Oh, he really didn’t like her. She gave him what she called her Holly Smile: coy, aware, self-obsessed. “And will you turn me down again if I ask you to dance?”

  “Maybe.”

  “Is that the only word you know now? Maybe?”

  Something close to humor danced in Luke’s eyes as he met her gaze head-on and drawled, “Maybe.”

  Perhaps not as completely arrogant as she’d thought. Despite herself, Selina laughed quietly. Her fingers were starting to go numb from the weight of her bags, and she was grateful for the ding of the elevator as the doors opened and they strode in. She leaned against the railing, setting the bags down lightly—to avoid the clunk that was sure to sound if she dropped them.

  “I heard about your painting being stolen,” she said, unable to resist. “I’m sorry.”

  Luke slid his hands into his pockets. “It’s fine. Worse things happen to people in this city every day.”

  She avoided the urge to blink. Definitely not the answer she’d expected.

  “You were in the Army, right?” A vapid, light question, if only to get them back on equal footing.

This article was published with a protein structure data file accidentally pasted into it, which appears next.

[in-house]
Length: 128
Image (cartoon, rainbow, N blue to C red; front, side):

And an entirely wrong question to ask, from the way his back stiffened. Sore subject, then.

  But Luke said, “The Marines.”

  She batted her eyelashes. “Is there a difference?”

  His jaw clenched. “Yeah. There is.” She knew there was, and part of her writhed under the vapid, inane weight of being Holly.

  They reached the basement, and Luke was truly enough of a gentleman to hold the elevator doors while she swept out, aiming for the black Mercedes her driver had left for the weekend. A click of her fob had the trunk opening, revealing a pristine interior.

  Luke headed toward the gray Porsche beside her car. He paused as he opened the door, as if the manners drilled into him yanked on his leash. “Enjoy your shopping,” he said tersely.

  Selina waved a manicured hand. “Enjoy your…whatever you’re doing.”

  He slid into his car. “Brunch with my parents. A Sunday tradition.”